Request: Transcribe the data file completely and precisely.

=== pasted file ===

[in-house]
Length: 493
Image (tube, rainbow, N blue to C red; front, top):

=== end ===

[in-house]
Length: 493
Image (tube, rainbow, N blue to C red; front, top):